Sunday, March 19, 2006

Why Rights are not Arbitrary

I've had critisism over of my adherance to the "Rule of Law" The cliche goes that all laws are arbitrary and that I just have preferences for certain arbitrary forms of structure over others. This is a moral relativism. By equivicating the right to property to the right to own a slave as both being void of a proven moral base and impossible to prove logically is intellectually shallow and evil. Laws are objective when they are consistantwith reality. The right to property is consitant with the right to life while the ownership of a person is not.

"Man is a certain kind of living organism--which leads to his need of morality and to man's life being the moral standard [of this morality]-- which leads to the right to act by the gudance of this standard, IE, the right to life. Reason is man's basic means of survival-- which leads to rationallity being the primary virtue (a virtue being what is needed to acheive values, a value being something that one works to obtain and maintain whether it is love, family or a SUV) -- which leads to the right to act in accordance with one's own judgement, IE, the right to liberty. Unlike animals, man does not survive by adjusting the given--which leads peoductiveness being a cardinal virtue-- which leads to the right to keep, use, and dispose of the things one has produced,IE, the right to property.

Since a proper philosophy is an intergrated system, each right rests not merely on a single ethical or metaphysical principle, but on all the principles just mentioned.

All rights rest on the fact that man's life is the moral standard. rights are the rights to the kind of actions necessary for the preservation of human life.

L. Peikoff

2 Comments:

At 6:56 PM, Anonymous Anonymous said...

Arbitrary rights are the goal of many Canadians. 3 levels of government are constantly being lobbied to diminish people's rights. Often people no longer seem to even realize they should be allowed a choice about the next municipal diktat or rise in taxes.

 
At 7:49 PM, Blogger P. M. Jaworski said...

Wow, this is a long comment... sorry, I got excited...:

"I've had critisism over of my adherance to the "Rule of Law" The cliche goes that all laws are arbitrary and that I just have preferences for certain arbitrary forms of structure over others. This is a moral relativism. By equivicating the right to property to the right to own a slave as both being void of a proven moral base and impossible to prove logically is intellectually shallow and evil."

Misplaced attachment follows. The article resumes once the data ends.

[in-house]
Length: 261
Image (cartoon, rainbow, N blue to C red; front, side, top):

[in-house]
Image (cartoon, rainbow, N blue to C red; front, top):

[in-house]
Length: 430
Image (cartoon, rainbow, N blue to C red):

Neither of these two criticisms are accurate. David Hume and Ken Binmore are hardly "intellectually shallow," yet they insisted on something awfully close to what you've just said. Similarly, a logical proof begins with some set of premises or things "given." Logic deals strictly with the relationship of arguments and propositions, *not* with their content. This is because you can literally prove anything and everything "logically," it just depends on what assumptions, or starting points, you begin with.

Let me give you an example: If the moon is round, then slavery is morally permissible. The moon is round. It follows, therefore, that slavery is morally permissible. This is a *logical* argument demonstrating the moral acceptability of slavery. Now suppose you want to quibble with my premise captured in the conditional. You can quibble if you want, but we will no longer be debating the *logic* of it, but the starting points, or the premises, which is not a question that logic answers.

And the final bit is sheer ad hominem. A person may have difficulty accepting that a logical or very good argument for why private property and slavery are very different is easily forthcoming, but that, surely, would not make them evil. Infants, for instance, don't have the requisite skills to make this assesment, and so may believe that all laws are, in fact, arbitrary, including the ones about property and slavery. That does not make them evil, just ignorant. Similarly, philosophers have a very difficult time putting together the kind of foolproof and knock-down arguments for your propositions, and many are skeptical that such arguments are available. That does not make them evil. It just makes them skeptical.

This may be an important distinction between what you consider evil, and what I do. I do not consider "beliefs," apart from actions, evil. No belief is evil, per se. All moral appraisal stems from actions, not from beliefs inside of my head. I can believe just anything I'd like and, so long as I only act on those things which are not evil, I am not evil. There are no thought-crimes, only criminal activities.

"Laws are objective when they are consistant with reality. The right to property is consitant with the right to life while the ownership of a person is not."